Baker v. Carr was a U.S. Supreme Court case in 1962 in which it was decided that the Tennessee legislation had to reapportion itself based on population. Before that, the last time that Tennessee had redistricted was in 1901.
This case had a Republican plaintiff, Charles Baker, who asserted that since Tennessee was not redistricting every 10 years as the Tennessee State Constitution mandated, his Shelby County district had approximately 10 times as many residents as some of the more rural districts. Therefore, the votes of rural residents were more valuable than those of urban residents, such as Baker. The Supreme Court agreed that residency should not determine how much value a person's vote has.Learn More
A primary runoff is an election that occurs after a primary in which no candidate reached the necessary threshold for nomination defined by state law, which is typically more than 50 percent of the vote. The primary runoff usually involves the top two candidates from the initial primary vote.Full Answer >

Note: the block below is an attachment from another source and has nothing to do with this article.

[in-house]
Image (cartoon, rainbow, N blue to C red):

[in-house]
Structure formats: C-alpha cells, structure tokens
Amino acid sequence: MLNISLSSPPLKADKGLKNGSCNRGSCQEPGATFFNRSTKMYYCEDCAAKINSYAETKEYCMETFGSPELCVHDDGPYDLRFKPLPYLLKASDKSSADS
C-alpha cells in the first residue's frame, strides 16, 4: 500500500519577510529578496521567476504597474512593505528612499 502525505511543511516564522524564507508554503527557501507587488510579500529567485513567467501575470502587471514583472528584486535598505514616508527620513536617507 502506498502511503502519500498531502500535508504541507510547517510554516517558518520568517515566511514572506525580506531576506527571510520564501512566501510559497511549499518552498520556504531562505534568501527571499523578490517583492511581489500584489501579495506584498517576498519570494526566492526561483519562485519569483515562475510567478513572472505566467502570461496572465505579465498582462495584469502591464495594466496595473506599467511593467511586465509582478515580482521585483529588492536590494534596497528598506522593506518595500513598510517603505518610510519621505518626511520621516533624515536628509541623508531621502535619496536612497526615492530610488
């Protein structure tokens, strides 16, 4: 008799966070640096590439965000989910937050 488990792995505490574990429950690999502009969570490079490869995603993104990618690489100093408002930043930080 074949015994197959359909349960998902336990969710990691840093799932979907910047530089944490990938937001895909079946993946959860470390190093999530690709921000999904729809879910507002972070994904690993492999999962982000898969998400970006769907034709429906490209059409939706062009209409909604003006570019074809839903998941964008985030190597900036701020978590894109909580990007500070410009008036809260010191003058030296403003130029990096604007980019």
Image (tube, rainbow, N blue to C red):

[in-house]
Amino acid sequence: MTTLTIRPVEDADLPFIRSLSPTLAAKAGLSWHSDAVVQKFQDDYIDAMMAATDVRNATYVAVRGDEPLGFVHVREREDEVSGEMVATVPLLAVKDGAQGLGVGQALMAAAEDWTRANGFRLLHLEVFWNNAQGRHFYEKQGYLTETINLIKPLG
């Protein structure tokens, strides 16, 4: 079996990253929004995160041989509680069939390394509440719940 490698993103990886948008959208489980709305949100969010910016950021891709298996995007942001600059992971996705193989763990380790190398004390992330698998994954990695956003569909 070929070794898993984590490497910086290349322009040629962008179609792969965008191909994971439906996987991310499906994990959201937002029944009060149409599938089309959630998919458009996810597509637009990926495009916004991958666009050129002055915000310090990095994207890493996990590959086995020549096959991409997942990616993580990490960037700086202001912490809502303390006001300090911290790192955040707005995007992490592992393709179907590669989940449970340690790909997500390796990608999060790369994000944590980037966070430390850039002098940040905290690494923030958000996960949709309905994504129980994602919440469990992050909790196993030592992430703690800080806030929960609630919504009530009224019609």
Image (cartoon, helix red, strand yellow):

Registered voters in Miamisburg, Ohio, may vote in person on election day at a polling location or by mail using an absentee ballot. As of January 2015, there are 22 precinct polling locations in zip code 45342, but specific voting location depends on the voter's registration address.Full Answer >
The three types of gerrymandering are excess vote, wasted vote and stacked. The excess vote method concentrates the voting power of the opposite party into very few districts, meaning the party's overall influence is reduced.Full Answer >
The British Prime Minister is not directly elected; instead, he is appointed by the Queen after the general election. The leader of the party that secures the most seats in the House of Commons automatically becomes Prime Minister and subsequently forms the government.Full Answer >